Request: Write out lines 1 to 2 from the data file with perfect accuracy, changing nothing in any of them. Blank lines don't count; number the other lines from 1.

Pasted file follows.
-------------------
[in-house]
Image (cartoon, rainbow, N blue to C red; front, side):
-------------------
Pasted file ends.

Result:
[in-house]
Image (cartoon, rainbow, N blue to C red; front, side):